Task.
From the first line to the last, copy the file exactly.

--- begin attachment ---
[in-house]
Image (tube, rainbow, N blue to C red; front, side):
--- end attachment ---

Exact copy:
[in-house]
Image (tube, rainbow, N blue to C red; front, side):